Nobody seems to like Mitt Romney these days, especially not dog-lovers, and we've certainly seen his shortcomings this season. But there are definitely things to like about him as a candidate. Here are five:
1) Clear thinking and concrete goals. In July 2007, Foreign Affairs solicited foreign policy platforms from the presidential contenders. I read a bunch of them, and was surprised to find that not only was Romney's the most thoughtful and interesting, but also the only one to discuss numbers and concrete goals. It makes sense. Clear thinking is something that probably got him to the top of management consulting; it's the essential business school trait, a place where he apparently thrived. How else could he prove "the value of family time based not on emotion but on yield?" All else equal, this is a quality I would like to see in a president.
2) Smart advisors. Romney's advisors include Glenn Hubbard and Gregory Mankiw, both former Bush 43 officials and currently professors, and I like both of them. I think this is how he came to seriously grapple with Medicare and emerge endorsing a version of the Confident Market solution, which seems to be the best conservative thought on the subject. It's something I'm going to need to study more seriously if it ever takes a lead role in the national conversation – which, having filtered into a Wyden-Ryan proposal, is a real possibility – but until then, at least it's a serious idea endorsed by serious people. Credit to the advisors, and the man smart enough to believe in them.
3) Romneycare. I know he's taken pains to avoid the subject on the campaign trail, and his defense that it was appropriate for Massachusetts and not America make him seem like a weasel. But it's still pretty good legislation that increased coverage rates and reasonably contained costs (although if Romney's eight vetoes had gone through – many aimed at reducing coverage for the least well off – it probably would have been a worse bill). In fact, Romney's entire record as governor was pretty conciliatory towards liberals. In a conservative, compromise is a quality I appreciate, so score one for W.M.R. (fun fact: his first name is Willard)
4) Salt Lake City Olympics. If Romney's central claim is that private sector experience will translate to running the economy well, the 2002 Winter Olympics should be exhibit A. He really did a good job. He came in after a now long-forgotten bribery scandal and turned out a successful Winter Games that produced $100 million in profits. His self-promotion around the event has probably been somewhat overboard, but hey, in his shoes, I'd probably go overboard too. That's what running for president means.
5) Experience with the Mormon Church. For a man who earned more in the last year than I will in my lifetime, empathy with truly disadvantaged people might be a challenge. Good thing, then, that Romney has both spent two years of his life as a dirt poor missionary and counseled people through a variety of crises as a leader in the Church of Latter Day Saints. That's pretty cool. I want to hear more about those experiences. In fairness, he's probably avoided the subject because, according to that same article, 19% of Evangelical Republicans say they won't vote for a Mormon. (Ouch). But I suspect that once it's Romney vs. Obama and the ring's set up, a lot of that 19% is going to somehow rationalize a change of opinion, and he'll discuss his faith more.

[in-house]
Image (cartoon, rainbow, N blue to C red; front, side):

None of this is to say I want him as president. I find his lack of political courage absolutely pitiful; his deliberate efforts to remain a cipher make me deeply uneasy; and although I can't prove it (because Romney has presented such different faces to different audiences and times), I think his true conviction is that providing an unobstructed playing field for the very best off is the path towards national prosperity. I've really had enough of that particular myth. But there are things to like about him, and if he wins in November, I'll deal. I'll even go a step farther. If, over the next nine months, he sets out a serious "shared prosperity" program that addresses America's core illnesses – economic immobility, the accompanying social stratification, and a general lack of planning for our long-term economic health (which, it should be said, Rick Santorum gets credit for addressing) – then I would at least consider casting my first Republican vote.
Then again, I can picture a position in which Romney would be an undeniable asset: Deputy Secretary of Defense. Pentagon budgets are routinely wasteful and filled with overruns, but as Lawrence J. Korb argues, "the Pentagon does not have a resource problem ... it has a management problem." Historically, when a strong Deputy Secretary with management experience steps up, costs go down with no material damage to our security position. This is a spot in which someone with a knack for solving concrete problems, someone who perhaps likes to fire people, would thrive. I'd be shocked if this actually happened, but I can always hope.
Share your thoughts: Liberals, what are two things you like about Mitt Romney? Conservatives, what are two things you like about Barack Obama?
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